Sunday, December 23, 2007

Merry Lazy Sunday

Coming to you live from the satellite office in Milwaukee (where it seems that Miller Lite flows from the faucets)…albeit late, on a day when it was confirmed that there will be no NFL playoff berth under any trees on the North Coast, it is time for Lazy Sunday:

Very little of substance in the local papers outside of Terry Pluto rehashing what was written here last week about Cliff Lee being a desirable commodity on the trade market with the deals that the likes of Carlos Silva and Dontrelle Willis (without having thrown a pitch in the AL and struggling for two seasons in the NL) just inked.

Outside of Terry, some tremendous stuff from ESPN’s Jayson Stark in terms of a few items that affect the Indians, Detroit’s window of opportunity, and how baseball (flush with cash) will see the payrolls affected by unprecedented revenue. He starts out with how the Tigers’ off-season moves affect the Indians (with some Shapiro quotes thrown in for good measure):

At least the Cleveland Indians are already a playoff team. You might even recall they were one win away from ousting the Red Sox from the postseason just a couple of months ago. But they also play in the same division as those upwardly mobile Tigers. So does this team feel pressured to counter every big move with one of its own?
"Absolutely not," Indians GM Mark Shapiro said. "It would be a lie to say it doesn't affect you emotionally. But you've got to distance yourself from that as quickly as you can. If you try to build your club to beat one team, or measure yourself against one team, you make emotional decisions, and they usually end up being mistakes."
The Indians' payroll barely topped $60 million in 2007. The Tigers' payroll will be double that in 2008. The Yankees' payroll might quadruple that. So the Indians know exactly what they're up against. But they also understand they have to operate in their universe, not anyone else's.
"We need to focus on making our team as good as it can possibly be," Shapiro said. "We ask ourselves: 'How can we find ways to score more runs or prevent more?' The only question we ask is: 'What decisions can we make to improve our run differential?,' not 'Will it be enough to beat one team or counter the moves they made?'"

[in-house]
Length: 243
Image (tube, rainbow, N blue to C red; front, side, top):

The only good news for the Indians is, they don't have to play in the AL East. So at least they don't have to play nearly 25 percent of their schedule just against the Red Sox and Yankees. Not that the Tigers are exactly the Joliet Jackhammers. But at least the Indians can finish behind the Tigers and still make the playoffs.

Speaking of the Tigers, Stark had this to say about the 2008 season in Motown (again, with an AL Executive’s thoughts thrown in to further the legitimacy of the assertion):

True, the Tigers will run a lineup out there in which seven of the nine everyday players have made at least one All-Star team since 2005. But they also have a roster full of players with injury histories. So after dealing away seven of their best prospects this winter, they need to stay healthy, because they're short of reinforcements they can call up. "They've pretty much decimated their depth," one AL executive said. "So this is their window."

Finally, Stark addresses the trend of “skyrocketing” payrolls and whether they truly are leaping over new hurdles or if they are simply a by-product of the game being flush with cash:

As recently as 2003, a $120 million payroll was unheard of, for any team but the Yankees. This year, the buzz is that at least seven teams -- and possibly as many as nine -- could top $120 million. The Yankees, Red Sox, Angels, Dodgers, Mets, Cubs and Tigers are all projecting payrolls around that figure or higher. And the Mariners and White Sox could wind up in that zone with the right free-agent signing (or two).

So what are the luxury-tax ramifications of that? Zilch. The threshold for 2008 will inflate to $155 million (and probably affect only the Yankees and Red Sox). From there, the threshold zooms to $162M, $170M and $178M the following three years.

"A 100 million payroll used to be a huge payroll," one GM said. "But there's so much money in the game, within two years, that's going to be the average payroll."

How does news like that impact the negotiations with C.C. and how have the Indians projected out their revenue to possibly offer the Hefty Lefty a king’s ransom without compromising their long-stated desire to avoid unnecessarily long contracts (6th or 7th year guaranteed) for starting pitchers?
It shall be interesting to see going forward as Spring Training and Opening Day approach.

I should be able to pound out a long-overdue piece on 2008 projections for the Tribe, though not likely prior to Jesus’ birthday.
Until then, Merry Christmas to all…and to all a good night.

1 comment:

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